Painting Red Orchids by Eileen Chong

Author: 

The cover to Painting Red Orchids by Eileen ChongSydney. Pitt Street Poetry. 2016. 77 pages.

Eileen Chong identifies writing as “an act of recovery, of piecing together, of recording, re-ordering and re-inventing.” In Painting Red Orchids, her third collection, the poet scans the stormy dissonance of places populated by particular emotional weathers, and this short book of lyrical investigation is a virtuosic performance of “questions fall[ing] like wet leaves” against, perhaps, the wet black boughs of turbulent experience. 

Originally from Singapore but residing in Sydney since 2007, her exile is undertaken within a “land of // eternal summer,” and Chong’s photoreal poems capture themes not only of identity and belonging but also love and, indeed, loss. At the book’s heart, fragilities are underwritten by the emotional violence of a failing marriage. Lorn and then despairingly alone, the poet asks: “Where does the woman without a country / return to? For a human voice, the TV, / song, poetry. For touch: not even a cat.”

These texts are never simply plaintive but instead act as quietly elaborative cathartic mechanisms by which the poet seeks for more precise orientations. The scenery throughout is domestic, intimate, bucolic: meals cook, the ghosts of grandfathers are apprehended by pets, the everyday populated with galleries, cobblers, coitus, poets (alive and dead), “shadows and fallen blooms,” memories (also alive and dead), etc.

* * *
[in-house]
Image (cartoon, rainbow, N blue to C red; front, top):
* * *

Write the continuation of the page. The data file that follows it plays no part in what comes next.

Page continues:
One senses that, for Chong, these texts act as rites beyond the estrangements, emancipations toward more certain knowing in places where “[e]verything / is drenched in sunlight.” These are indeed the “dreams of one who has come far,” but they are also poems of “beginnings and possibilities” that often require complex affective maneuverings. In “Exorcism,” the poet places a photograph from a new lover’s wallet in a rubbish bin before returning the next morning to “set a live match to it”; thereafter, “[t]he fire died out, but one eye remained, staring,” and this is emblematic of Chong’s understated surreal hauntings. These lyrics set her traversing often spectral dramas parading with displaced moments and intimacies weirdly transmuted, as if writing them into resonant lines are the means by which to make a recovery.

Finally, then, this is a book of returnings in which the poet meditates on suffering as a means by which she attains clear-mindedness around “what it means to die and live again.” Painting Red Orchids is compellingly bright with hope, a book of watchfulness and perhaps even vigilance, each measured line surveying minutiae for possibilities and magnitudes, epiphanies among the ellipses. In equal measures, Chong investigates the psychic shifts between coming “adrift, far from rock and shore,” and her stranger arrivals at new moorings.

Dan Disney
Sogang University (Seoul)